(a)
(b)
(c)
(d)
(e)
(f)
4.2. Partial Coherence Analysis
The radiated noise of the engine contains the vibration information of the engine component, so the contributions of various components to the measured noise can be identified according to the correlation between noise and vibration. Many of the accessories are rigidly connected to the engine block, so the vibration between different noise sources is coupled. It is why the PCA is chosen to recognize the correlation of component vibration and radiated noise. The input partial coherent power spectra (PCPS) of the 1800 r/min case are shown in Figure 7. The coherences of the component to the noise are (1) for 0–500 Hz, gear cover > oil pan > right block > left block > flywheel housing > valve cover; (2) for 500–800 Hz, oil pan > valve cover > gear cover > flywheel housing > right block > left block; (3) for 800–1200 Hz, oil pan > left block > gear cover > valve cover > flywheel housing > right block; (4) for 1200–1800 Hz, oil pan > gear cover > valve cover > left block > flywheel housing > right block; (5) for 1800–2500 Hz, gear cover > oil pan > left block > valve cover > right block > flywheel housing; and (6) for 2500–4000 Hz, gear cover > left block > flywheel housing > oil pan > valve cover > right block.
(a)
(b)
(c)
(d)
(e)
(f)
It can be seen that the input PCPS of the oil pan is the largest between a wide frequency band of 500–1800 Hz. It is because the lower vibration modes of such a thinwalled component are easy to excite due to the excitation of the body skirt. In other frequency bands, the gear cover shows the largest input PCPS below 500 Hz and above 1800 Hz. The main reasons are the resonances of the component in the lowfrequency range and the dynamic meshing force between gear teeth at high frequency. So, the above two components are the top 2 contributors in most cases. For the left block, the amplitude of input PCPS in 1800–4000 Hz is considerable because the fuel injection pump and the air compressor radiate great portion of noise in this highfrequency range.
4.3. Weighting Analysis of Noise Sources
4.3.1. Analytic Hierarchy Tree
As analysed above, for a specific component (noise source), its contribution to the noise varies in different aspects, such as the frequency band, the testing point, and the engine speed. On this basis, the hierarchy tree (Figure 8) for weighting the noise sources consists of five levels from top to bottom: (1) objective level, (2) operating speed level, (3) testing point level, (4) frequency band level, and (5) noise sources level.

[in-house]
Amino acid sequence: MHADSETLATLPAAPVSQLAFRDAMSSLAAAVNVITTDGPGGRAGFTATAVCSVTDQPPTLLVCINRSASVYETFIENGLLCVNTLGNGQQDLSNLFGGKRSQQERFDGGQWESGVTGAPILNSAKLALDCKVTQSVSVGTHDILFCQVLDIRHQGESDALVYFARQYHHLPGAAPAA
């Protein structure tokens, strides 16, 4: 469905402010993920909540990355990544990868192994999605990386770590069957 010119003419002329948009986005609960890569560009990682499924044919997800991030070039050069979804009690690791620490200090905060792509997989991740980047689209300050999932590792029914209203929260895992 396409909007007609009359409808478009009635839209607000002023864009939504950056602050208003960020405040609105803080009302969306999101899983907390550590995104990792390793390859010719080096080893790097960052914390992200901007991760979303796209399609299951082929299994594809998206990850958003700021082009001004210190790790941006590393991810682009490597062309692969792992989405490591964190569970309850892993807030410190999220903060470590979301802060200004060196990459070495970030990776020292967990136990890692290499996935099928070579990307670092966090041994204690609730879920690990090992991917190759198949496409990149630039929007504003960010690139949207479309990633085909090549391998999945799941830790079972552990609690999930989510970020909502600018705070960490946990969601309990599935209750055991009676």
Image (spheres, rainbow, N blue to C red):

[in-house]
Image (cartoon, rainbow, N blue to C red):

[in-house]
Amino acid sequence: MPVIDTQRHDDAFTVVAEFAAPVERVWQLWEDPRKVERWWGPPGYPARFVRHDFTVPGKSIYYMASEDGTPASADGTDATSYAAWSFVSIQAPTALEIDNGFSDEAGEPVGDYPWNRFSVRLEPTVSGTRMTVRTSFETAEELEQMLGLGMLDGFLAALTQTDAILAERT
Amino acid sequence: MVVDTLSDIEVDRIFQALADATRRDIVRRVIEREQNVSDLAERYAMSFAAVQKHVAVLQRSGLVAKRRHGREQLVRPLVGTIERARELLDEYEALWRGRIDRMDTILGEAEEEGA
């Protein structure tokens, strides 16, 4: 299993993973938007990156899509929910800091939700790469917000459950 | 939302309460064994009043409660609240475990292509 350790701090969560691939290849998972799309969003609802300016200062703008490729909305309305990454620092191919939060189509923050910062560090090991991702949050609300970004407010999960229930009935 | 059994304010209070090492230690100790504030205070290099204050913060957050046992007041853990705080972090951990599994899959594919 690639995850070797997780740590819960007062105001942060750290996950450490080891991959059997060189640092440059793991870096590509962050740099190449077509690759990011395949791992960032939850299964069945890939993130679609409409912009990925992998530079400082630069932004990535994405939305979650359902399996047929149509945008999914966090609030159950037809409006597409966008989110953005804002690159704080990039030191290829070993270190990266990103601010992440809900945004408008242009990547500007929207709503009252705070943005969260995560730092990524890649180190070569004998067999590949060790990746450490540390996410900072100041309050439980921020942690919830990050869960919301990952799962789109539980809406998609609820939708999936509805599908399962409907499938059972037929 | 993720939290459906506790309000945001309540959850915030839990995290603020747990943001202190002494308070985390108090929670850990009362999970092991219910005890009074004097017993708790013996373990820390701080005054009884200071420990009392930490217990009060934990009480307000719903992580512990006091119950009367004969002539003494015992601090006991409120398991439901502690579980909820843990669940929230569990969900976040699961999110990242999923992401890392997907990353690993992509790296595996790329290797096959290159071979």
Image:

4.3.2. Fuzzy Consistency Matrix
The fuzzy consistency matrices for the frequency level are constructed according to the condition coherent power spectra and listed in Table 3. Based on the onethird octave SPL, the fuzzy consistency matrices for the test point level and the operating speed level can be calculated in the same way. Table 4 shows the fuzzy consistency matrix for the left testing point (C1). Table 5 presents the fuzzy consistency matrix for the engine speed of 1800 r/min (B3). For the top level, the fuzzy consistency matrix can be obtained based on the usage proportion of the engine speed and the Aweighted SPL, as shown in Table 6.




4.3.3. Weighting Order of Noise Sources
Based on the consistency matrices of adjacent levels, the combined weight matrices can be obtained. Table 7 gives the combined weight coefficients for the left testing point (C1), and Table 8 is the combined weight coefficients for 1800 r/min (B3). The contributions of the noise source to the radiated noise at different engine speeds are calculated and shown in Figure 9.


The contribution of the component to the overall noise changes with the engine speed. But some patterns still can be found. The oil pan is the most significant contributor regardless of engine speed, followed by the gear cover and the left block. At lower engine speeds, idle, and 1400 r/min, the contributions from gear cover and left block are quite close, while the gear cover contributes more at higher engine speeds (1800 r/min and 2200 r/min). The contributions of the right block, the flywheel, and the valve cover are similar and less important in this case.
4.3.4. Result Validation and Discussion
The overall weighting coefficients of the components to the radiated noise (Table 9) are calculated on the basis of the combined weight matrices considering the surface area effect. The surface area effect here relates to the outer surface of the component and acts by means of area factor. A component with the large outer surface is supposed to make greater contribution to the noise radiation comparing with a smaller one. Without considering the surface area effect, the weighting order of components is oil pan > gear cover > left block > valve cover > flywheel housing > right block. When the surface area is taken into account, the weighting order slightly changes into oil pan > left block > gear cover > valve cover > flywheel housing > right block.